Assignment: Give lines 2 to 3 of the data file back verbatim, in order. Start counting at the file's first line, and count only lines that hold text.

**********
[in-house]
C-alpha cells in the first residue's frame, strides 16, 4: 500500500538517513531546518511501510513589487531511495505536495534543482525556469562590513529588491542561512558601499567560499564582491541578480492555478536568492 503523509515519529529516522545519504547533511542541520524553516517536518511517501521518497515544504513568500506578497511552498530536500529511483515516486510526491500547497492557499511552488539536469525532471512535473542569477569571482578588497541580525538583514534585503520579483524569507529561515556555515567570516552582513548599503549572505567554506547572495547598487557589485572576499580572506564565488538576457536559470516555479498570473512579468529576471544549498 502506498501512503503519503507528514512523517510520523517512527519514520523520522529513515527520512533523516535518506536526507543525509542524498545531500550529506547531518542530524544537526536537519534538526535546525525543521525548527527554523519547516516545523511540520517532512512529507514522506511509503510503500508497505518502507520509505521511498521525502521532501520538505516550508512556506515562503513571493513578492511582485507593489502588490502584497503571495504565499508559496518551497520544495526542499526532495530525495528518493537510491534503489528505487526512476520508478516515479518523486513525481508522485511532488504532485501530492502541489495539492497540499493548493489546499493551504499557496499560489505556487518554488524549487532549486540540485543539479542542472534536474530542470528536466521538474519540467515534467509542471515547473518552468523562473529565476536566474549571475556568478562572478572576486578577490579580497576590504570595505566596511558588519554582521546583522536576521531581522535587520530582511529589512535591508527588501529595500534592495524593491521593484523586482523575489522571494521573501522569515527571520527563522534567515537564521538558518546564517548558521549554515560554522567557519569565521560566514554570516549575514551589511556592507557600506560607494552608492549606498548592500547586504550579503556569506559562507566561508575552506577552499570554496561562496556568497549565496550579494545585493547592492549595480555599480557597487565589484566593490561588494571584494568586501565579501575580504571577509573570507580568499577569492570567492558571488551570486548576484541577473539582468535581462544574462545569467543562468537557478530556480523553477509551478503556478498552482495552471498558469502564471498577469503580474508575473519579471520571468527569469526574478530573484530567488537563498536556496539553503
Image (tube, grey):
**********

C-alpha cells in the first residue's frame, strides 16, 4: 500500500538517513531546518511501510513589487531511495505536495534543482525556469562590513529588491542561512558601499567560499564582491541578480492555478536568492 503523509515519529529516522545519504547533511542541520524553516517536518511517501521518497515544504513568500506578497511552498530536500529511483515516486510526491500547497492557499511552488539536469525532471512535473542569477569571482578588497541580525538583514534585503520579483524569507529561515556555515567570516552582513548599503549572505567554506547572495547598487557589485572576499580572506564565488538576457536559470516555479498570473512579468529576471544549498 502506498501512503503519503507528514512523517510520523517512527519514520523520522529513515527520512533523516535518506536526507543525509542524498545531500550529506547531518542530524544537526536537519534538526535546525525543521525548527527554523519547516516545523511540520517532512512529507514522506511509503510503500508497505518502507520509505521511498521525502521532501520538505516550508512556506515562503513571493513578492511582485507593489502588490502584497503571495504565499508559496518551497520544495526542499526532495530525495528518493537510491534503489528505487526512476520508478516515479518523486513525481508522485511532488504532485501530492502541489495539492497540499493548493489546499493551504499557496499560489505556487518554488524549487532549486540540485543539479542542472534536474530542470528536466521538474519540467515534467509542471515547473518552468523562473529565476536566474549571475556568478562572478572576486578577490579580497576590504570595505566596511558588519554582521546583522536576521531581522535587520530582511529589512535591508527588501529595500534592495524593491521593484523586482523575489522571494521573501522569515527571520527563522534567515537564521538558518546564517548558521549554515560554522567557519569565521560566514554570516549575514551589511556592507557600506560607494552608492549606498548592500547586504550579503556569506559562507566561508575552506577552499570554496561562496556568497549565496550579494545585493547592492549595480555599480557597487565589484566593490561588494571584494568586501565579501575580504571577509573570507580568499577569492570567492558571488551570486548576484541577473539582468535581462544574462545569467543562468537557478530556480523553477509551478503556478498552482495552471498558469502564471498577469503580474508575473519579471520571468527569469526574478530573484530567488537563498536556496539553503
Image (tube, grey):